Wild Burros

Livestream link to BLM’s National Wild Horse & Burro Advisory Board meeting, Oct. 9-11

You can watch the BLM’s National Wild Horse & Burro Advisory Board meeting Live-streamed October 10-11:


9 replies »

  1. Is there an announcement or introduction of the new members? Looking for a list of who will legally be on the board during the meeting, and their specific areas of expertise. I believe there are three new members?


  2. Well, I sat here & read or skimmed thru last years meeting & what was said. Didnt get to watch the whole thing last year. One thing I really got out of it is Ben Master’s continuous push for killing “excess” wild horses. That appeared to be his main objective on the Board. He pushed it again & again. Not that others were all that hesitant, either. Ginger made a lot of points – every time she could. Her term is up in March, 2019!!! It seems that Weikel & Wohl are re- appointed again. After going thru most comments & reading most of this – frankly, I’m more frustrated than I was before! This “board” – as it has been – is nothing more than a bulldozer to push thru equine extinction.

    Liked by 2 people

    • A person on the board that is part of the unwanted horse coalition…..that is aka for bringing back horse slaughter in the United States! I did an extensive research paper on slaughter for an Equine Science Class and listened to alot of their ideas. Mustangs are not unwanted horses…buffalo are not unwanted, COWS are unwanted!!!!

      Liked by 1 person

  3. Ed Abbey called it the “Bureau of Livestock and Mines.” Less creative writers call it the “Bureau of Land Mismanagement.” It sometimes calls itself “the nation’s leading conservation agency.” Whatever you call it, the Bureau of Land Management manages more land than any other entity in the United States.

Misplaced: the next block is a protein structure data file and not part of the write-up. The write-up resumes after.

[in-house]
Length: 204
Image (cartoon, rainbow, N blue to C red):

If it is also true that, as a Sierra Club book once said, BLM lands are the “lands no one knows,” then the BLM itself is the agency no one knows. Most western environmentalists, for example, have focused on the more glamorous Forest Service or Park Service.

    People active in public lands issues know that the BLM manages about 264 million acres of land–the lands “left over” after homesteaders, timber companies, land developers, states, the Forest Service, Park Service, and other private parties and agencies took the lands they wanted. They know that most BLM lands are used for grazing, that it has negligible timber outside of western Oregon, and that the Bureau also manages mineral rights on both its land and most other federal lands.

    But how many people know that BLM managers get to spend some of their oil and gas receipts on range improvements? How many know that a large share of BLM timber receipts goes to the Bureau of Reclamation to subsidize irrigation? How many know that Congress recently let the BLM keep salvage sale receipts to spend on “ecosystem health”? And how many know that BLM payments to states range anywhere from 4 percent all the way to a whopping 90 percent?

    Each of these decisions represents a bit of pork, a favor Congress handed out to some special interest at everyone else’s expense–and, often, with a serious environmental cost as well. Yet even though the BLM manages nearly one-third more land than the Forest Service, the agency remains largely unknown to the general public.

    This is partly true because the BLM tends to be fairly secretive about what it does: Research for this issue of Different Drummer took much longer than expected because the BLM sometimes takes months to provide information that the Forest Service hands out in an instant.